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Answered 2011-05-13 17:28:07

No, child support and child visitation are two different matters. Neither a father nor a mother can be denied visitation based on the fact that they are not paying child support.

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Having no income is not a reason for making a change in custody. The father should be paying child support so the mother has some income coming into the home.


Yes, if the father is not given custody he will be obligated to keep paying support to whomever the court awards custody or guardianship of the children.



The father does, since the mother is paying her share towards the children in the form of child support.


Well, if he's paying child support, that means she has custody of at least one child who is under 18. So, by law, no, it is illegal for the mother to move out of state without telling the father.



If the father have visitation, shared custody or paying child support she will need his and the courts consent.


A father has no right to "take the child from the mother" under any circumstances. Custody is determined by a court order. Obviously, in this case, the court has established a child support order and a custody order. Generally, the father must provide evidence that the mother is unfit in order to obtain custody through the court. Paying child support doesn't give any right to take the child from its mother.


A husband only pays child support if he does not have custody of the child. If he is paying spousal support, it is only supposed to be temporary until the wife can become financially stable.


My answer to that would be 'No'. The father is responsible for providing child-support regardless of who has custody of the child; at least until the age of 18.


If the father has no legal custody, but is paying child support, he should be at least told. It's his child, too. The parents divorced each other - they did not divorce themselves from the child.


well, if your asking what you could do, then you could probably take her to court for custody of the child.


The child must live with the parent who has physical custody per the court order. A "child support paying father" cannot just take custody of the child. Read your court orders.If there is joint custody, there will be some kind of schedule... and no, you can't "stop a child from living with" the father if that's what the order says, even if he is notpaying child support (the fact that he isn't adhering to the order does not free you to break it also). You would need to go back to court and seek to have the order modified.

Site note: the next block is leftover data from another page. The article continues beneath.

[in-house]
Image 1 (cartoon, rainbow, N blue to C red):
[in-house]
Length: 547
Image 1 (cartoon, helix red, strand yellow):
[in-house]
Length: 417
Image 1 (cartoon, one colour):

Petition the court for an emergency custody hearing before she leaves the state - without the courts custody agreement in place she can move at will.



Look for information on filing child abandonment against the father in your state. People do this if the father is not present in the child's life, not paying child support, or is abusive.


You need to talk to a lawyer to hammer this out. Theoretically you can be required to pay child support but also not have visitation rights; it depends on the custody arrangement you have with the child's mother. If you don't have a custody arrangement, then the lawyer can help you set one up.


Once the father gains legal custody through the courts, he may request that child support be terminated.



The new "Mother" has nothing to do with the communion between her husband and his ex-wife, so the answer is no. * A new spouse has no legal standing in regards to non biological children, regardless of the issue. The biological father would have to be the one to file a suit to have the child support order enforced.


An unmarried mother has sole custody in most jurisdictions until the father's paternity is legally established. It is assumed the father's paternity was established in your case if he is paying child support. You need to check all the documents associated with your particular court case to determine if a custody order was issued at that same time.Child support and visitation rights are two separate issues and they are addressed separately. The father's paternity must be legally established in court if the parents are unmarried and the mother seeks child support. Once paternity has been established, the court will issue a child support order based on state child support guidelines. In addition, once paternity has been established the father has the right to petition for custody and a visitation schedule.If the father fails to pay his child support he is still entitled to visitations. In that case, the mother would need to pursue the child support arrears by filing a motion for contempt of the child support order.


generally speaking the only way to stop paying court ordered support is to go to court and get the order changed.


If the father has visitation rights and the mother refuses to allow the father those rights, then the father can sue the mother in a civil contempt proceeding. If she doesn't have a good reason for disallowing the visitation then she can be held in contempt of court. There are various remedies including giving the father more visitation to make up for the visitation that was disallowed by the mother or even giving the father custody, but usually, the judge will just order the mother to allow the visits. His paying or not paying child support has nothing to do with whether or not he gets visitation (i.e. he gets visitation regardless of whether or not he is current with child support).



No. Custody and child support orders are separate. A father who is paying child support should request a visitation schedule if he wants to spend time with his child. On the other hand, you cannot make a father spend time with his child is doesn't want to.



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